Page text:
Most of the components in the robot require 5V (some can take more than 5V, but the servos could not tolerate the 8.4V that the batteries would supply at maximum charge). The arduino has a regulator onboard, but it is not sufficient to supply regulated power to everything, so I need to find another way of supplying 5V to the components that needed it.
The metal gear servos seemed to be drawing close to an Amp when under load. I don't have any compact 5V switching regulators handy, so linear regulators are going to be the order of the day. They were easy to scavenge from old telecoms equipment.
A LM7805 regulator is only rated around 1 Amp in the TO-220 package, depending on heat sinking, so we decided to go with one per servo. This also left extra capacity, especially for the regulators powering the 9g arm servos, to power anything else that wanted 5V.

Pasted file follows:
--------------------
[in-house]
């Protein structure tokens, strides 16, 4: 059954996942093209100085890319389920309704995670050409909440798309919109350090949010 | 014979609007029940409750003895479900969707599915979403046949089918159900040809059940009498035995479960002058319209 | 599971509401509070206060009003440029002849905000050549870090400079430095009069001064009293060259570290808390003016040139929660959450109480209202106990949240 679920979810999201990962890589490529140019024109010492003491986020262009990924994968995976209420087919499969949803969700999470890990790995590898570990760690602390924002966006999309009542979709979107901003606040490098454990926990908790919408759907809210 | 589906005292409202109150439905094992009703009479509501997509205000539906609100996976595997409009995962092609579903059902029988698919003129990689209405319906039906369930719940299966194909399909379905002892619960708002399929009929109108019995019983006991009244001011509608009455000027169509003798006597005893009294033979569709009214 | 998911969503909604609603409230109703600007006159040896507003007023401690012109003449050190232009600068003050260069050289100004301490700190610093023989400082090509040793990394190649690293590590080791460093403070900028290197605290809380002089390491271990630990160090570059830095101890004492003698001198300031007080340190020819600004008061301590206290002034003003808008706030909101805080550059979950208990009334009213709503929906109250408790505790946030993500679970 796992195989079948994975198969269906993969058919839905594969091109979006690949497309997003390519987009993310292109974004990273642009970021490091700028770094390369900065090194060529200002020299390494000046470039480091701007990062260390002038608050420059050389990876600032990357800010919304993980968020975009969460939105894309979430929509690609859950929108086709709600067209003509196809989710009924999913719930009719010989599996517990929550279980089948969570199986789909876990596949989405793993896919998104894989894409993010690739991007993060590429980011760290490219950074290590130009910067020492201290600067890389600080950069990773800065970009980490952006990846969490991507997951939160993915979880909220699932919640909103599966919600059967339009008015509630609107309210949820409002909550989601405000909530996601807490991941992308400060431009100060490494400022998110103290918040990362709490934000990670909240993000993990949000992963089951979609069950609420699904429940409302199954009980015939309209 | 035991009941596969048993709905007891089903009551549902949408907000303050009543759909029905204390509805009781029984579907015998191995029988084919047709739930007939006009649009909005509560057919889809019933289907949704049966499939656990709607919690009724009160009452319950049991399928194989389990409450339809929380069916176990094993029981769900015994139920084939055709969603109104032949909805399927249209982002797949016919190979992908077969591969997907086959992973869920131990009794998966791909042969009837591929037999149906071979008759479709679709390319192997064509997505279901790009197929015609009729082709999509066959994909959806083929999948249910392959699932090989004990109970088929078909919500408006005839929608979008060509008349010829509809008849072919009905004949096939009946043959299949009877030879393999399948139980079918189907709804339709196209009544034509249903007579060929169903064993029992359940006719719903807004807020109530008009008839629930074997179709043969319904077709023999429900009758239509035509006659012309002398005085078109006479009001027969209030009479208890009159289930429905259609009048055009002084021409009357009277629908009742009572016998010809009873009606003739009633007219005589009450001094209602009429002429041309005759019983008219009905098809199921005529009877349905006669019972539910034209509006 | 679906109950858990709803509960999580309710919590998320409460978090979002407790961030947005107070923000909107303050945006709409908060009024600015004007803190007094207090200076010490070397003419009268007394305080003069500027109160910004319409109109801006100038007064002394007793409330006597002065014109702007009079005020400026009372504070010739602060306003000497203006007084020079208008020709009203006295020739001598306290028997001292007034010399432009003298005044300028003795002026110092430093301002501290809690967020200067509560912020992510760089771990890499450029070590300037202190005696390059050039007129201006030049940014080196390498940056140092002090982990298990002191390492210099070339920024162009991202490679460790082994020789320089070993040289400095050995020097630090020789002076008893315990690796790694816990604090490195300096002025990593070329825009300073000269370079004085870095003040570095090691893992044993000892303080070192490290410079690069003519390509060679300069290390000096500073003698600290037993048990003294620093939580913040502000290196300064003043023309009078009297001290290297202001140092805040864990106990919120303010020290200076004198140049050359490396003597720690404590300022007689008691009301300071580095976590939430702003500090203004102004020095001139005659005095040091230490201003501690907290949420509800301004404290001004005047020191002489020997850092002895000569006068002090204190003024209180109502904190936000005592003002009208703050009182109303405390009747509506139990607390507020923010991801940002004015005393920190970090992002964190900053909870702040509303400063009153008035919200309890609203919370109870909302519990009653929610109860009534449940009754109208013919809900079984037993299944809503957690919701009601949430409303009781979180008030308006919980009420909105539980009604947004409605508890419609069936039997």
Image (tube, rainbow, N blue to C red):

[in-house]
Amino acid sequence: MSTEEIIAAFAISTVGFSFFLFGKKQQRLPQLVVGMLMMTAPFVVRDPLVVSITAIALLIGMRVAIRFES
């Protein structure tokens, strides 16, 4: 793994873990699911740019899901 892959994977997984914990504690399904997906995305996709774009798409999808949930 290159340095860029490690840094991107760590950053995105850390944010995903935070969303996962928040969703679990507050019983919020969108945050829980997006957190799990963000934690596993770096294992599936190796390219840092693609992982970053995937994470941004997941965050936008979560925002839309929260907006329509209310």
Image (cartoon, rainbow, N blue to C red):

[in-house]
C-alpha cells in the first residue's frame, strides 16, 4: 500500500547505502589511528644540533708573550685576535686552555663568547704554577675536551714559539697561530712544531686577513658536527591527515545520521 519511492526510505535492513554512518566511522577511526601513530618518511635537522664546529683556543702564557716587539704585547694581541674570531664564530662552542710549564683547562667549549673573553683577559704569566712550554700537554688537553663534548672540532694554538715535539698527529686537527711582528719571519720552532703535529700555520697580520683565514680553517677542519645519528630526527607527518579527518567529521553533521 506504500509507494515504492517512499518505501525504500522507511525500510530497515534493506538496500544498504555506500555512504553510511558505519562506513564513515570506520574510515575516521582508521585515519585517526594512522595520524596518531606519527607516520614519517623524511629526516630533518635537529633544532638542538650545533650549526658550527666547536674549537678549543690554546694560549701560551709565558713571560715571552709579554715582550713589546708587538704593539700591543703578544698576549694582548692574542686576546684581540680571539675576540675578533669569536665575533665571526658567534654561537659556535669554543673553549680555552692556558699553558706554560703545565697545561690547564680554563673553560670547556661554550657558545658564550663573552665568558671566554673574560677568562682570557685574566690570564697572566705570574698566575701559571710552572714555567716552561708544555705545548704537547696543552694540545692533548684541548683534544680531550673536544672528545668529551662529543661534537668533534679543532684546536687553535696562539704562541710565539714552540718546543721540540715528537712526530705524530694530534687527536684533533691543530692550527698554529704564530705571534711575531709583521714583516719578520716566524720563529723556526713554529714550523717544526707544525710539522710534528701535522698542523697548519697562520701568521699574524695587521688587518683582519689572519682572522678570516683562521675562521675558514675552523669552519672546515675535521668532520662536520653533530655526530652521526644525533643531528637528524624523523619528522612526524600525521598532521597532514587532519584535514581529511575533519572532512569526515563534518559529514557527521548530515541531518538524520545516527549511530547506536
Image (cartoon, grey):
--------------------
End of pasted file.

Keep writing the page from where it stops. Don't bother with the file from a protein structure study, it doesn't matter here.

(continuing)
I ended up with a circuit as drawn below. The capacitor was definitely needed, the regulator's output was not stable under sudden loads without it. The value was pretty much just what i had lying on my desk though.
My first attempt was too bulky to fit into the torso, so I remade it into what you see below. The bottom two rows are in series, which gives me extra pins to take off regulated or unregulated supply as needed.
The ribbon cable brings in the IO pins from the Arduino, meaning that one can just plug in a standard 3-pin servo connector. Obviously this setup is not ideal for heat sinking, but space is at a premium, they are all running under capacity anyway, so it seems to be fine so far.